The following morning there we were again, by the river. We had split into two groups with walkie-talkie contact. David called me just after 8 am with the news that a lynx was approaching from below us. Within seconds we were watching one make its way slowly across the bridge spanning the river. Now we could watch it at length and take in its markings. Another name for the Iberian Lynx is the Pardel Lynx (the scientific name is Lynx pardinus), meaning leopard-spotted and indeed this animal was heavily marked with over the whole body. It is one of the ways of distinguising this species from the somewhat larger Northern Lynx. After crossing the bridge it sat for a period on a boulder, looking sleek and long-bodied, with its back to us. It then moved from the rock and my attention was drawn to movement nearby. Another lynx appeared, this time perhaps a bit bigger, and certainly less strongly marked and with an overall more orange tone to its fur. This naimal then crossed the bridge towards us and then slunk off to hide amongst the big boulders close to the river.

During the day in the summer this mixture of boulders and bushes provides many places for the lynxes to rest, as well as good spots to ambush rabbits feeding nearby. A lynx needs to eat on average a rabbit a day and it was the collapse of the rabbit population in Spain caused by  the arrival of myxomatosis in the 1950s and hemorrhagic pneumonia in the 1980s that was one of the main factors in the disappearance of Iberian Lynx over much of its former ranges, coupled with habitat fragmentation. As populations became small and isolated, so they became further vulnerable to other factors such as road mortalities. The last population of Iberian Lynx in Extremadura probably died out in the 1990s. By 2002 a census showed that the total  population of Iberian Lynx had fallen to about 160 individuals with breeding only taking place in two areas (both in Andalucia): the Coto Doñana and the Sierra Morena (the latter being the stronghold). The species had now gained the ignominius status of being Critically Endangered and the rarest cat in the world. Thankfully governments and conservationists took action. With a conservation plan in place, there have been actions on various fronts. Rabbit populations have been boosted by careful habitat management and repopulations, lynx conservation is winning support from local landowners and others and captive breeding centres have been established to build up numbers for reintroductions elsewhere. One of these centres is in Extremadura and in March this year two lynx kittens were born. Once again young lynx are walking on Extremaduran soil, albeit in a large compound and one day the species will be back in the wild here.  Overall the wild population of Iberian Lynx is now thought to have risen to over 300 individuals in Andalucia.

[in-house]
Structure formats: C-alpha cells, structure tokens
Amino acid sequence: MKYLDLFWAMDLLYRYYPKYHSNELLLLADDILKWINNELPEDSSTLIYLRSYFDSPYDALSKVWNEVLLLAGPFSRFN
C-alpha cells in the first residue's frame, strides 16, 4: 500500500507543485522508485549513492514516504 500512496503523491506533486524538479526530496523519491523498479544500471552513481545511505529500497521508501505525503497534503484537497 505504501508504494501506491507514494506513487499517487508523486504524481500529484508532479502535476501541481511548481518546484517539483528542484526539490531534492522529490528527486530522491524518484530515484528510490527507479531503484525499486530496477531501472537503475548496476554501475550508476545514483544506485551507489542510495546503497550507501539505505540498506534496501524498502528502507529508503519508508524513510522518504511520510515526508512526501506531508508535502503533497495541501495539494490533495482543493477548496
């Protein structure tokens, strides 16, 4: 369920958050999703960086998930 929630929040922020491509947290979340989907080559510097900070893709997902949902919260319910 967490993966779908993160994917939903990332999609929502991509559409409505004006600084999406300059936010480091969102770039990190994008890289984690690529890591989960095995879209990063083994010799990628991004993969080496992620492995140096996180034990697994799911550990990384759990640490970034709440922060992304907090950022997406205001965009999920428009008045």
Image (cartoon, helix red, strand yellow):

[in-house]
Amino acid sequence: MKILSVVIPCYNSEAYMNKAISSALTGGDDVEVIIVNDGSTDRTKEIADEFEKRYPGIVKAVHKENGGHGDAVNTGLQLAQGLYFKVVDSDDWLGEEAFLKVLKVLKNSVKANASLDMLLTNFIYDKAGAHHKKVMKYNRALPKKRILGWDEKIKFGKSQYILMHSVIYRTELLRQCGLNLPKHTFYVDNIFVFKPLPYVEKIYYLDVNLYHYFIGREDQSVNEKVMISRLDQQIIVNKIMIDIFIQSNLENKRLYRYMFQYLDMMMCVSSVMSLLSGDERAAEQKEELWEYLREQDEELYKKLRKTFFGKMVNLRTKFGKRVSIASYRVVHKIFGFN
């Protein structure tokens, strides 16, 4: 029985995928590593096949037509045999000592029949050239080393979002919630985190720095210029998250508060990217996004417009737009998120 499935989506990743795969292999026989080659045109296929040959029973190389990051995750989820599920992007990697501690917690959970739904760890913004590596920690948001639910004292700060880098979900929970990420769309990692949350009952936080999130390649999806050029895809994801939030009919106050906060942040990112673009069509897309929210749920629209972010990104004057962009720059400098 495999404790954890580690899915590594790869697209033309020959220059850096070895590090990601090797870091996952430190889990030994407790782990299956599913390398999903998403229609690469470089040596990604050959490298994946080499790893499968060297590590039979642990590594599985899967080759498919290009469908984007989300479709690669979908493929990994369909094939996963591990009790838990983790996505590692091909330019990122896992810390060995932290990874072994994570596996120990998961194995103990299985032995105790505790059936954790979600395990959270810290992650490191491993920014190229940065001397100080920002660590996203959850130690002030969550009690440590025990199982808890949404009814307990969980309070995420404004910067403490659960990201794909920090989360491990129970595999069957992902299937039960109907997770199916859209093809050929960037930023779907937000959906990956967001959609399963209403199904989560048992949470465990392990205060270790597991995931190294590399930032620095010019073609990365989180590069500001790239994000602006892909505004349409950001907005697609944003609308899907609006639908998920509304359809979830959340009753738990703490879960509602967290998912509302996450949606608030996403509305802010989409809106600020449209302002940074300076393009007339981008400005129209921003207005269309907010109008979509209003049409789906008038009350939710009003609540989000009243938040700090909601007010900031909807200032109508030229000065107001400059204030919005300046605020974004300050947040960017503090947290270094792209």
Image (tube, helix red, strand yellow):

Looking at this rare and beautiful creature sitting in the shade or walking with its long strides in the dappled woodland shade, I wondered if I would ever have a sighting like this in Extremadura. It was reassuring to know that many dedicated people are working to bring back the Pardel Lynx to places where just a few years ago it was thought have been lost for ever.